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Here at Hot Spots Movement we pride ourselves on our multidisciplinary approach to research on the Future of Work. It is something that goes right to the heart of our intellectual ethos and lays the foundation for much of our research. From Aristotle to Aldous Huxley, or from Sociology to Semiotics, we passionately believe that the best and most innovative work is one whereby an eclectic array of views, ideas and opinions are incorporated into the body of knowledge. Seemingly, the days of the maverick lone wolf (think Tesla, Darwin or Einstein) are over. This is not, however, to suggest that creative individuals don’t matter, but ‘rather that we become more innovative when we remain open to as many arguments, philosophies, conversations and rival ideas as possible’[i].
Take, for example, the research conducted by Stefan Wuchty, Benjamin Jones and Brian Uzzi. This multidisciplinary team of researchers used big data to learn what distinguished ideas that had an impact from those that did not. After sifting through twenty million academic articles and two million patents cited over the past fifty years, ‘they discovered that the most innovative and impactful ideas were much more likely to come from cross-enterprise collaborations rather than from teams from the same university, lab or research centre’[ii].
However, despite this, many organisations still tend to build networks which only reinforce the existing ideas underpinning their current organisational architecture. Such a tendency can partly be explained by ‘selective exposure theory’ which is based on the notion that people have a predisposition to engage with information that reaffirms our existing viewpoints. Quite simply, this is because the brain favours familiarity and people therefore do not respond well to opinions that don’t align with their own.
To this end, transcending our echo chambers and incorporating diversity of thought into the organisational framework requires us to go against our instinctual need to create networks that reinforce our pre-existing views. However, one innovative initiative that can help build more diverse networks into the workplace is that of co-working spaces. ‘Co-working spaces bring together diverse groups of freelancers, remote workers and other independent professionals in a shared, communal setting’[iii]; thereby organically create a milieu in which people from wide ranging industries and professions can assemble and share their diverse knowledge and expertise. Such an environment cultivates not only a hybridity of perspectives but also innovation.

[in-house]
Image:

However, if completely redesigning the office space is unfeasible, then homogeneous logic and ideas can also be overcome through mechanisms such as crowdsourcing platforms or sponsored lunches with rival competitors.
Fundamentally though, irrespective of what mechanisms are implemented, incorporating diversity of thought into your organisational framework is contingent on being open minded and expressing alacrity to viewpoints and perspectives which in the past may have seemed fatuous or superfluous. The era in which we live is characterized by unprecedented and nebulous change. This generates many exciting opportunities, but such opportunities can arguably only be fully realised if organisations are willing to absorb the information and ideas which exist in sometimes unfamiliar domains.
[i] Burkeman, O. (2010) Steven Johnson: ‘Eureka moments are very, very rare’, (The Guardian)
[ii] HotSpots Movement (2015) The Collaboration Imperative Report
[iii] Bound, A. (2018) Demand for Co-working spaces expands beyond London (Financial Times)